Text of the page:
Cumberland Gallery | January 21 through March 4
by Sara Lee Burd
“I evaluate artwork on three key factors: technical skill, uniqueness of vision, and on a visceral level, honesty.”
—Carol Stein, Cumberland Gallery
“That reminds me of . . .” is a phrase Carol Gove hopes to hear at her exhibitions. Her art is often inspired by her own reflections, and yet the materials she includes are general enough to serve as reference points for all viewers. She encourages people to consider their own memories associated with objects like handwritten notes, botanical prints, blank sheet music, etc., but Gove layers paint and collage materials to obscure allusions. She leaves room for viewers to fill in the blanks with their own associations. Each viewer’s unique background and relationship with the materials, colors, textures, and lines shapes the significance of each artwork.
As an abstract expressionist artist, Gove seeks to elicit an immediate response. Her aesthetic follows in the lineage of the post-WWII New York artists such as Lee Krasner, Robert Motherwell, and Willem de Kooning who sought to make a new art that’s both cerebral, emotional, and revealing of the artist’s true identity. The foundational artists were loosely connected, but the general thread that binds these artists is their commitment to gestural application of paint and mastery of formal elements used to create expressive compositions. Gove’s art is striking when viewed from far away, but considering her work up close also provides insight into her motivations and memories.
Process is key for abstract expressionist artists who relish time with their canvases as a means to explore their own relationship with the medium. For example, observing texture in her work reveals more than a haphazard decision; it is a sensitive presentation of how and why the art was made. Gove delights in the process of abstract expressionism, but also the meaning derived from assembling found objects into her work. Collage became part of the fine art vocabulary in the West during the early 20th century through Pablo Picasso and Georges Braque. These artists began with the belief that combining painting and cut-out images allowed a new way of looking at both media, while also connecting with viewers through recognizable references to the everyday world.
The incorporation of collage elements allows Gove to create visual and expressive conversations that go beyond what she could make with just paint. She explains, “It’s exciting to me the immediacy collage can give you. You can be painting gesturally on a canvas, and deciding if you like the opacity of the paint or the drips or what your next choice will be, but when you find a piece of collage and adhere it to the painting, it changes it so much and immediately.” Many objects she incorporates into her work are personal items collected from friends, family members, and her own writing, but she also takes time to search at antique stores, online, and during her daily experiences to find the perfect material to communicate her vision. As Gove explains, “It’s that search with collage that I really love. If you go into my studio you can find boxes and boxes of source materials.”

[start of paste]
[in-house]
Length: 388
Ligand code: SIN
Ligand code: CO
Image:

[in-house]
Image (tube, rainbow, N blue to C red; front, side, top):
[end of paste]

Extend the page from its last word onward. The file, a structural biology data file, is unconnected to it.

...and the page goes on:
Like many aspects of Gove’s art, the titles have multiple levels of meaning. Sometimes the title relates to how the artwork looks, but sometimes it is not apparent; it’s more of a personal caption. In Driven, for example, the painting feels intense. The gestural marks, dramatic colors, and the collage elements all pull the viewer’s attention to one place or another. As Grove notes, “The title relates to the motion your eye takes when moving through the piece or across the specific materials incorporated.”
Full Turn relates to the way the viewer’s eyes pass across the work, but it also provides a clue to this work’s personal significance. Gove presents a whirlwind of energy on the canvas. Curved lines are constructed with layers of cutout designs on paper that are connected with pencil marks, paint, and colors combined to create a spinning motion toward the center of the artwork. The formal elements of the composition suggest forces of nature and emotion that cause a complete revolution. The collaged images of a sideways train and scraps of handwritten notes suggest perpetual change, something Gove knows affects people throughout life.
The exhibition title, Carol Gove: Shared Differences, indicates the artist’s way of making art and the way viewers encounter her art. To Grove, “It relates to my use of materials that belonged to other people or other time periods, sharing their stories about their past and incorporating them in a different way, with my own voice and expression.”
This will be the first time Gove’s art will be featured in Nashville. A few small collage works were shown during Cumberland Gallery’s yearly Small Packages exhibition, but this is a new opportunity to see her large paintings. Gallery owner Carol Stein invited Gove to have an exhibition of her own at the gallery because as she says “her work is interesting and compelling. I evaluate artwork on three key factors: technical skill, uniqueness of vision, and on a visceral level, honesty.” That Gove’s art meets Stein’s stringent and particular qualifications means we can expect this show to provide a high-quality experience with contemporary abstract expressionist art.
Carol Gove: Shared Differences opens with a reception on January 21 from 6 to 8 p.m. The show remains on view through March 4. For more information, please visit www.cumberlandgallery.com.